Leishmania kinetoplastid parasites infect millions of people worldwide and have a distinct cellular architecture depending on location in the host or vector and specific pathogenicity functions. An invagination of the cell body membrane at the base of the flagellum, the flagellar pocket (FP), is an iconic kinetoplastid feature, and is central to processes that are critical for Leishmania pathogenicity. The Leishmania FP has a bulbous region posterior to the FP collar, and a distal neck region where the FP membrane surrounds the flagellum more closely. The flagellum is attached to one side of the FP neck by the short flagellum attachment zone (FAZ). We addressed whether targeting the FAZ affects FP shape and its function as a platform for host-parasite interactions. Deletion of the FAZ protein FAZ5 clearly altered FP architecture and had a modest effect in endocytosis but did not compromise cell proliferation in culture. However, FAZ5 deletion had a dramatic impact in vivo: mutants were unable to develop late stage infections in sand flies and parasite burdens in mice were reduced by >97%. Our work demonstrates the importance of the FAZ for FP function and architecture. Moreover, we show that deletion of a single FAZ protein can have a large impact on parasite development and pathogenicity.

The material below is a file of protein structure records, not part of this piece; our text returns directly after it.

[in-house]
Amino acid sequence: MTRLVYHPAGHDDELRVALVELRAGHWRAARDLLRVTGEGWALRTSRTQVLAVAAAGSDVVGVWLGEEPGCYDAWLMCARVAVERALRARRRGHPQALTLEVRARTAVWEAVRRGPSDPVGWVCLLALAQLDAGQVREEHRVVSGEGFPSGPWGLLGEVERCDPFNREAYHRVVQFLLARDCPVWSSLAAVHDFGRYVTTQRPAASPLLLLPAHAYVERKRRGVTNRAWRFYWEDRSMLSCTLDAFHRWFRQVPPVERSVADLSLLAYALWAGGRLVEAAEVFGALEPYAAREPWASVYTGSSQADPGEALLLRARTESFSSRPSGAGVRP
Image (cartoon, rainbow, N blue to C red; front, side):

|Number of pages||10|
|Journal||Proceedings of the National Academy of Sciences of the United States of America|
|Early online date||8 Mar 2019|
|Publication status||Published - 26 Mar 2019|
Jeremy Charles Mottram
- Biology - Professor in Pathogen Biology, Director of the YBRI